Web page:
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[Date Prev][Date Next][Thread Prev][Thread Next][Date Index][Thread Index]# Re: Implicit Casts for Arithmetic Operators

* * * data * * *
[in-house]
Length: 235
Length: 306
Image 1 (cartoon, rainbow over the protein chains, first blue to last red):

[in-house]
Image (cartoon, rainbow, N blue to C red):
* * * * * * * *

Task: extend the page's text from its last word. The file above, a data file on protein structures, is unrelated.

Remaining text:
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Hi, I'm not sure if I would prefer the Postgres way of doing things, which is returning just about any type depending on the order of operators. Considering it actually mentions in the docs that using numeric/decimal is slow and also multiple times that floating points are inexact. So doing some math with Postgres (9.6.5): SELECT 2147483647::bigint*1.0::double precision returns double precision 2147483647 SELECT 2147483647::bigint*1.0 returns numeric 2147483647.0 SELECT 2147483647::bigint*1.0::real returns double SELECT 2147483647::double precision*1::bigint returns double 2147483647 SELECT 2147483647::double precision*1.0::bigint returns double 2147483647 With + - we can get the same amount of mixture of returned types. There's no difference in those calculations, just some casting. To me floating-point math indicates inexactness and has errors and whoever mixes up two different types should understand that. If one didn't want exact numeric type, why would the server return such? The floating point value itself could be wrong already before the calculation - trying to say we do it lossless is just wrong. Fun with 2.65: SELECT 2.65::real * 1::int returns double 2.65000009536743 SELECT 2.65::double precision * 1::int returns double 2.65 SELECT round(2.65) returns numeric 4 SELECT round(2.65::double precision) returns double 4 SELECT 2.65 * 1 returns double 2.65 SELECT 2.65 * 1::bigint returns numeric 2.65 SELECT 2.65 * 1.0 returns numeric 2.650 SELECT 2.65 * 1.0::double precision returns double 2.65 SELECT round(2.65) * 1 returns numeric 3 SELECT round(2.65) * round(1) returns double 3 So as we're going to have silly values in any case, why pretend something else? Also, exact calculations are slow if we crunch large amount of numbers. I guess I slightly deviated towards Postgres' implemention in this case, but I wish it wasn't used as a benchmark in this case. And most importantly, I would definitely want the exact same type returned each time I do a calculation. - Micke On Fri, Oct 12, 2018 at 4:29 PM Benedict Elliott Smith <benedict@xxxxxxxxxx> wrote: > As far as I can tell we reached a relatively strong consensus that we > should implement lossless casts by default? Does anyone have anything more > to add? > > Looking at the emails, everyone who participated and expressed a > preference was in favour of the “Postgres approach” of upcasting to decimal > for mixed float/int operands? > > I’d like to get a clear-cut decision on this, so we know what we’re doing > for 4.0. Then hopefully we can move on to a collective decision on Ariel’s > concerns about overflow, which I think are also pressing - particularly for > tinyint and smallint. This does also impact implicit casts for mixed > integer type operations, but an approach for these will probably fall out > of any decision on overflow. > > > > > > > > On 3 Oct 2018, at 11:38, Murukesh Mohanan <murukesh.mohanan@xxxxxxxxx> > wrote: > > > > I think you're conflating two things here. There's the loss resulting > from > > using some operators, and loss involved in casting. Dividing an integer > by > > another integer to obtain an integer result can result in loss, but > there's > > no implicit casting there and no loss due to casting. Casting an integer > > to a float can also result in loss. So dividing an integer by a float, > for > > example, with an implicit cast has an additional avenue for loss: the > > implicit cast for the operands so that they're of the same type. I > believe > > this discussion so far has been about the latter, not the loss from the > > operations themselves. > > > > On Wed, 3 Oct 2018 at 18:35 Benjamin Lerer <benjamin.lerer@xxxxxxxxxxxx> > > wrote: > > > >> Hi, > >> > >> I would like to try to clarify things a bit to help people to understand > >> the true complexity of the problem. > >> > >> The *float *and *double *types are inexact numeric types. Not only at > the > >> operation level. > >> > >> If you insert 676543.21 in a *float* column and then read it, you will > >> realize that the value has been truncated to 676543.2. > >> > >> If you want accuracy the only way is to avoid those inexact types. > >> Using *decimals > >> *during operations will mitigate the problem but will not remove it. > >> > >> > >> I do not recall PostgreSQL behaving has described. If I am not mistaken > in > >> PostgreSQL *SELECT 3/2* will return *1*. Which is similar to what MS SQL > >> server and Oracle do. So all thoses databases will lose precision if you > >> are not carefull. > >> > >> If you truly need precision you can have it by using exact numeric types > >> for your data types. Of course it has a cost on performance, memory and > >> disk usage. > >> > >> The advantage of the current approach is that it give you the choice. > It is > >> up to you to decide what you need for your application. It is also in > line > >> with the way CQL behave everywhere else. > >> > > -- > > > > Muru > > > --------------------------------------------------------------------- > To unsubscribe, e-mail: dev-unsubscribe@xxxxxxxxxxxxxxxxxxxx > For additional commands, e-mail: dev-help@xxxxxxxxxxxxxxxxxxxx > >

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